Bob has some troubles.
The Lone Ranger and Tonto
Won't help him fix them.
Another of Bob's melancholy-go-lucky walking songs, "Bob Dylan's Blues" was recorded in 1962 for the 1963 album "The Freewheelin' Bob Dylan." I focused on the first verse since problems tend to be what plague Dylan through many of the verses of many of his songs, and that seemed to capture the essence of this little rambler-gambler tune.
For what it's worth, the other verses tackle different subjects, while his spoken introduction notes that this song was written in the United States, not Tin Pan Alley in New York City:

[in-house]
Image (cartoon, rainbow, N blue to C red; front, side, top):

1. Someone must have told the Lone Ranger and Tonto that Bob was doing all right because they're fixing everyone's troubles but his.
2. Bob has a real gal, not a "five and 10-cent woman," and he advises those in the latter coterie to go away from his door and window.
3. He doesn't go to the racetrack because he doesn't have or need a sports car. He can walk around the block on his feet if he wishes.
4. The wind blows him in various directions. Don't step on him.
5. If you want to be like Bob, go commit armed robbery. Tell the judge later when you're on trial that Bob said it was OK.
Here's another version of the song, released on "The 50th Anniversary Collection."